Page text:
Description : Examines the history of the Black people, the teachings of the Black Muslim religion, and the problem of civil rights in America
Description : The End of White World Supremacy explores a complex issue—integration of Blacks into White America—from multiple perspectives: within the United States, globally, and in the context of movements for social justice. Rod Bush locates himself within a tradition of African American activism that goes back at least to W.E.B. Du Bois. In so doing, he communicates between two literatures—world systems analysis and radical Black social movement history—and sustains the dialogue throughout the book. Bush explains how racial troubles in the U.S. are symptomatic of the troubled relationship between the white and dark worlds globally. Beginning with an account of white European dominance leading to capitalist dominance by White America, The Endof White World Supremacy ultimately wonders whether, as Myrdal argued in the 1940s, the American creed can provide a pathway to break this historical conundrum and give birth to international social justice.
Description : This epic 1921 work did not refer to a belief that whites should rule over other races, but merely that, as he put it, a man who in 1914 looked at a world map "got one fundamental impression: the overwhelming preponderance of the white race in the ordering of the world's affairs."It was this dominance, Stoddard said, which was coming to an end because of the massive demographic swings which he foresaw over the coming decades--just one of the many accurate predictions made in this book.Starting with an overview of the different races of the world and their traditional homelands, Stoddard pointed out how their technological backwardness allowed what he called the "white flood" to colonize all four corners of the earth.However, he continued, the transfer of European technology, learning and know-how to the nonwhite races of the earth had now empowered them, and as a result, the era of white domination was surely coming to an end.He warned that any policy which promoted open borders, and unrestricted immigration, would lead to the final and irreparable destruction of any European nation.He also foretold that the massive population boom of the Third World would sooner or later come pressing against all white nations' borders--driven forward by the Third World's inability to maintain order and progress, and the offer of a better life under white rule which they claimed to dislike so much.He was also one of the few to recognize the growing threat of militant Islam, and warned in this book that it would become a major world force.Stoddard argued that the only way to avoid a worldwide racial catastrophe was to educate people on the issue of race and the need for racial improvement through eugenics.Finally, he concluded that the only way to achieve racial peace was to abandon the concept of white supremacy completely.Front cover: A reproduction of the original 1921 edition dust jacket cover.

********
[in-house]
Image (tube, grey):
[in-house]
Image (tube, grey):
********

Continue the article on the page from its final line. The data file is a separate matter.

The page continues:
Description : Elijah Muhammad (1897-1975) was one of the most significant and controversial black leaders of the twentieth century. His followers called him the Messenger of Allah, while his critics labeled him a teacher of hate. Southern by birth, Muhammad moved north, eventually serving as the influential head of the Nation of Islam for over forty years. Claude Clegg III not only chronicles Muhammad's life, but also examines the history of American black nationalists and the relationship between Islam and the African American experience. In this authoritative biography, which also covers half a century of the evolution of the Nation of Islam, Clegg charts Muhammad's early life, his brush with Jim Crow in the South, his rise to leadership of the Nation of Islam, and his tumultuous relationship with Malcolm X. Clegg is the first biographer to weave together speeches and published works by Muhammad, as well as delving into declassified government documents, insider accounts, audio and video records, and interviews, producing the definitive account of an extraordinary man and his legacy.
Description : Interdisciplinary essays reevaluate the Black Panthers and their legacy in relation to revolutionary violence, radical ideology, urban politics, popular culture, and the media.
Description : This study focuses on the life, ideas, and social activism of Malcolm X. The editors provide a compendium of essays that look at Malcolm X in light of advancing studies appraisal of him; black nationalism and pan Africanism; his intellectual leadership; and black expressive behavior.With a historical perspective, this volume provides a contemporary approach to appraising the life of Malcolm X from an interdisciplinary matrix using paradigms of conceptual and narrative structural analysis. The editors encourage readers to develop an epistemology to describe and evaluate the life of this man.